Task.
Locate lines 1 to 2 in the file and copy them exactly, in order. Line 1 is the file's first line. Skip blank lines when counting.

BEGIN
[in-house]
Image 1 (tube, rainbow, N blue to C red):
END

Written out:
[in-house]
Image 1 (tube, rainbow, N blue to C red):